Austria

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Austria

Aus·tri·a

 (ô′strē-ə)
A landlocked country of central Europe. Settled by Celtic tribes, the region was conquered (15 bc-ad 10) by the Romans and later (8th century) by Charlemagne, who made it a border state of the Carolingian Empire. In the 13th century, Austria passed to the Habsburg family and remained the core of their vast holdings until the dissolution of Austria-Hungary in 1918, when Austria became a republic. Annexed by Adolf Hitler in 1938 and occupied by French, British, Soviet, and American forces in 1945 at the end of World War II, Austria regained full sovereignty in 1955. Vienna is the capital and the largest city.

Aus′tri·an adj. & n.

Austria

(ˈɒstrɪə)
n
(Placename) a republic in central Europe: ruled by the Hapsburgs from 1282 to 1918; formed a dual monarchy with Hungary in 1867 and became a republic in 1919; a member of the European Union; contains part of the Alps, the Danube basin in the east, and extensive forests. Official language: German. Religion: Roman Catholic majority. Currency: euro. Capital: Vienna. Pop: 8 221 646 (2013 est). Area: 83 849 sq km (32 374 sq miles). German name: Österreich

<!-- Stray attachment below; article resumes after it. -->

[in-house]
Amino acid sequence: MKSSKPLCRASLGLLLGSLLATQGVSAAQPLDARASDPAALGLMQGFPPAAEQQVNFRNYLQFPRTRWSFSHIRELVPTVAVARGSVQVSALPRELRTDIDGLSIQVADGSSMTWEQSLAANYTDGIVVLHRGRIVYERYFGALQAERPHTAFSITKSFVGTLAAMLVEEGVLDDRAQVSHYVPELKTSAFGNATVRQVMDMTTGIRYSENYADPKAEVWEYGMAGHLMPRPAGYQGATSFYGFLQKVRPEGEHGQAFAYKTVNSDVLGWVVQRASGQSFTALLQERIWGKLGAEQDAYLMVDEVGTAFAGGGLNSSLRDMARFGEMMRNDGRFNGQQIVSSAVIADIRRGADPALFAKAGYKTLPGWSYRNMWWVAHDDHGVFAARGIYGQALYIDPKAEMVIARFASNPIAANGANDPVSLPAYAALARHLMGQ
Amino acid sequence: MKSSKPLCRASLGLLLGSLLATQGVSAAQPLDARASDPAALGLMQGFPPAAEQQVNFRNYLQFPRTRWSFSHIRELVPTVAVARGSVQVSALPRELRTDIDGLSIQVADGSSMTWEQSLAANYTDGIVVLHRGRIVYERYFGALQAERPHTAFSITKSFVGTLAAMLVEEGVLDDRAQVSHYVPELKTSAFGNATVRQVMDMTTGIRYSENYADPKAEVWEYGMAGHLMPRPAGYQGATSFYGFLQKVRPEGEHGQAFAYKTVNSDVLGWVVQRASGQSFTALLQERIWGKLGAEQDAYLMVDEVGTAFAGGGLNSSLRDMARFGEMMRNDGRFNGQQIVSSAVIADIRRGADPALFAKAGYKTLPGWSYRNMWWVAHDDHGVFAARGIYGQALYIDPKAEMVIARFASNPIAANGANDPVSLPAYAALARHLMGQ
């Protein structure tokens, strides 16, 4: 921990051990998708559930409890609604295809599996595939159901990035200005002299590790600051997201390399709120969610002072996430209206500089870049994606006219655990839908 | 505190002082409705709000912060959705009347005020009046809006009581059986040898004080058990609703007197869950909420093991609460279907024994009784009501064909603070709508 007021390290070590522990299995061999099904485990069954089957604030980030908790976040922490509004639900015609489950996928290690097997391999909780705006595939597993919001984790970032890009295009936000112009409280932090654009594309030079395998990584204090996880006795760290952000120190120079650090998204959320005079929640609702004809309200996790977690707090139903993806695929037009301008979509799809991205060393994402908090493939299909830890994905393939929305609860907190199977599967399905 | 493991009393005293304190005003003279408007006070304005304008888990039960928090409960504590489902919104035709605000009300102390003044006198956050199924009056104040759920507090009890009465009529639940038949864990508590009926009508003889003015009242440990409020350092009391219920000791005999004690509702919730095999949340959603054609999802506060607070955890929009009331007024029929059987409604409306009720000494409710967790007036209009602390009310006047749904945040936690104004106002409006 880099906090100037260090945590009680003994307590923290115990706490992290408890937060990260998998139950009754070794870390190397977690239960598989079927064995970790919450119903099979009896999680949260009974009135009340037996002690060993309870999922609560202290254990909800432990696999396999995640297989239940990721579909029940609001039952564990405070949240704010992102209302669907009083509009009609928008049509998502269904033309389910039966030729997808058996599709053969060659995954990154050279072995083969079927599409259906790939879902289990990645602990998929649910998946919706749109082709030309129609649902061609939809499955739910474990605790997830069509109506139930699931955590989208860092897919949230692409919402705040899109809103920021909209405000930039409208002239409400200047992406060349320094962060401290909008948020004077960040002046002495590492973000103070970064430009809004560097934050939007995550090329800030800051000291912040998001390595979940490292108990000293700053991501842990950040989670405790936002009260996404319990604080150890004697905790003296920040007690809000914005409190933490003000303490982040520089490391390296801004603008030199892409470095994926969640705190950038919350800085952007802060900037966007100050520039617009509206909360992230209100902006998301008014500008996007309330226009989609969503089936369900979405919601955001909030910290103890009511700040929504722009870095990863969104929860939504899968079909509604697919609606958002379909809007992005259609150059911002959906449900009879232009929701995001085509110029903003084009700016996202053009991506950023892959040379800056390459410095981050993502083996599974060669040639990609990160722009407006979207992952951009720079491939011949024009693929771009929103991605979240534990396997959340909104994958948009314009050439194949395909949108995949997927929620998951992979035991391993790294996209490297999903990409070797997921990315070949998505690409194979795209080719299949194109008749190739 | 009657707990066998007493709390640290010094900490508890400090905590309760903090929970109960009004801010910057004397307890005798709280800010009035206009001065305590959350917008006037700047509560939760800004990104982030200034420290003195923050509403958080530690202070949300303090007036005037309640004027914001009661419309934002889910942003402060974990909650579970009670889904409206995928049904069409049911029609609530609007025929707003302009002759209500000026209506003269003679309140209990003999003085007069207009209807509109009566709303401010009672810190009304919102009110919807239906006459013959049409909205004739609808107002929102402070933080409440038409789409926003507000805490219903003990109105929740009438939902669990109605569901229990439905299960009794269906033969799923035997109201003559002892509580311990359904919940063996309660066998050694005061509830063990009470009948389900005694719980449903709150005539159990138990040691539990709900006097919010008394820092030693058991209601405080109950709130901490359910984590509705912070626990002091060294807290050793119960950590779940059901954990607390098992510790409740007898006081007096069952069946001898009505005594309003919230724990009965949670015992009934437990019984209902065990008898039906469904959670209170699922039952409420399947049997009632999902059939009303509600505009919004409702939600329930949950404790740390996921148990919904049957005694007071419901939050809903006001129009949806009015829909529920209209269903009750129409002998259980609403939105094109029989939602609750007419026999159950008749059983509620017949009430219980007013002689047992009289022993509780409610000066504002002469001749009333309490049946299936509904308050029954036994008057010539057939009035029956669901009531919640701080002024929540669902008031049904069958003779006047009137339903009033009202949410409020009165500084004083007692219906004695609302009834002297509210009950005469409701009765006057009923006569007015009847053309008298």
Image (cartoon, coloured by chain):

Aus•tri•a

(ˈɔ stri ə)

n.
a republic in central Europe. 8,054,078; 32,381 sq. mi. (83,865 sq. km). Cap.: Vienna. German, Österreich.
Aus′tri•an, adj., n.
ThesaurusAntonymsRelated WordsSynonymsLegend:
Noun1.Austria - a mountainous republic in central EuropeAustria - a mountainous republic in central Europe; under the Habsburgs (1278-1918) Austria maintained control of the Holy Roman Empire and was a leader in European politics until the 19th century
battle of Wagram, Wagram - a battle in the Napoleonic campaigns (1809); Napoleon defeated the Austrians
Common Market, EC, EEC, European Community, European Economic Community, European Union, EU, Europe - an international organization of European countries formed after World War II to reduce trade barriers and increase cooperation among its members; "he tried to take Britain into the Europen Union"
Tirol, Tyrol - a picturesque mountainous province of western Austria and northern Italy
Austrian capital, capital of Austria, Vienna - the capital and largest city of Austria; located on the Danube in northeastern Austria; was the home of Beethoven and Brahms and Haydn and Mozart and Schubert and Strauss
Graz - an industrial city is southeastern Austria
Lentia, Linz - city in northern Austria on the Danube; noted as a cultural center
Salzburg - city in western Austria; a music center and birthplace of Mozart
Innsbruck - city in southwestern Austria; known as a summer and winter resort
Wagram - a town in northeastern Austria
Alps, the Alps - a large mountain system in south-central Europe; scenic beauty and winter sports make them a popular tourist attraction
Brenner Pass - an Alpine mountain pass connecting Innsbruck in Austria with Bolzano in Italy that has long been a route for trade and for invasions
Danau, Danube, Danube River - the 2nd longest European river (after the Volga); flows from southwestern Germany to the Black Sea; "Vienna, Budapest, and Belgrade are on the banks of the Danube"